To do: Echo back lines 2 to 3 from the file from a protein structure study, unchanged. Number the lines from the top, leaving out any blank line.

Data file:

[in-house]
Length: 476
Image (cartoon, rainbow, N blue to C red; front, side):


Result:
Length: 476
Image (cartoon, rainbow, N blue to C red; front, side):